Mort Meskin, the usual suspect #2

I gather that Mort Meskin is most famous for the work he did during the war. I’ve seen some of his Golden Lad covers and they are quite good. Because my main interest is in Simon and Kirby, I don’t have access to very much of the early Meskin material. However Mort worked at National Comics at the same time as Simon & Kirby, and fortunately some of the Adventure Comics have stories by Meskin. So I have some examples, including the splash page below (“Hitch A Wagon To The Stars”) from Adventure #82 with inking by George Roussos. Even at this time Mort had developed a reputation for being a rapid and prolific comic book artist. There is a story about Jack Kirby and Mort Meskin working side by side at DC each working on a rush job. And how their efforts resulting in a crowd gathering to watch both of them. By that time Jack was already well known, but many now began to take note of Mort’s talent.

Adventure #82 Starman
Adventure #82 (January 1943) Starman by Mort Meskin and George Roussos

Mort Meskin’s first contributions for a S&K production were some stories done with Jerry Robinson in Young Romance #6 (see below) and Justice Traps The Guilty #5 both July 1948. It appears to me that most of the penciling was done by Jerry while Mort’s contribution was largely inking.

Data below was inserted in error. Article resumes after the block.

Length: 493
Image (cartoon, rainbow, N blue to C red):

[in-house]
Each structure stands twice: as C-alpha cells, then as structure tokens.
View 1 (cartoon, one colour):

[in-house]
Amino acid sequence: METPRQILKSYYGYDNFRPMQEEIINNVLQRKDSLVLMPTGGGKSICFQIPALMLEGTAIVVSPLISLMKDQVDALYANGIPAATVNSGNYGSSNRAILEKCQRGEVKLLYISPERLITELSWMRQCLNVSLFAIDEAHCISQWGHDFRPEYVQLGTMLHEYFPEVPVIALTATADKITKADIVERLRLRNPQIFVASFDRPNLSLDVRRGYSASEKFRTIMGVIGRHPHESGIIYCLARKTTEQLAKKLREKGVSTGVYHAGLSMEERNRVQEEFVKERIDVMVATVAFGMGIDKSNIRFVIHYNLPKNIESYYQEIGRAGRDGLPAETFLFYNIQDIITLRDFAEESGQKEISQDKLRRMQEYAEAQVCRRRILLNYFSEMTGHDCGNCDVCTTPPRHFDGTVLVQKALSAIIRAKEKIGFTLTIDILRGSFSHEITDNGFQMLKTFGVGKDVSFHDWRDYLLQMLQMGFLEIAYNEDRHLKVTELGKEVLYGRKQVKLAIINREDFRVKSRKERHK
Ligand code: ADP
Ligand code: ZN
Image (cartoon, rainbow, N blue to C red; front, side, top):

YR #6 Inferior Male

Over a year later Meskin appears without Robinson as the penciler in Young Romance #16 and Real West Romances #5 both from December 1949. Once started Meskin would be frequently used not only for romance (Young Romance, Young Love, Young Brides and In Love), but also in crime (Headline, Justice Traps the Guilty and Police Trap) and horror (Black Magic).

Young Love #66

As Joe Simon tells the story in “The Comic Book Makers” initially when Mort was supplied with scripts he was unable to do the work. Joe then suggested that Mort should work in the S&K studio. Even in this environment Mort seemed to suffer from “artist’s block”. Then Joe hit on the idea of penciling some random marks on Mort’s page. No longer faced with a blank page, Mort was back to being a rapid penciler. As Joe tells the story, from then on every mourning it was someone’s responsibility to add those first random markings to Mort’s blank art boards. Mort was very prolific and did not seem to work exclusively for the S&K studio. During the period from January 1951 to January 1953 (cover dates) Mort actually produced more pages of art for the S&K studio then Jack Kirby did. Now this is not a completely fair comparison since Jack had more responsibility in the studio then just penciling. On the other hand the inking of Kirby pencils seemed to have been done by more then one hand, while as far as I can tell Meskin did all the inking for his own art at this time. Joe Simon once said about Mort’s work at the Simon & Kirby studio “He was probably the fastest, most inspired artist in the room, and certainly one of the most dependable.” Remember Jack was in that studio also, so this is no small praise.

Simon & Kirby Studio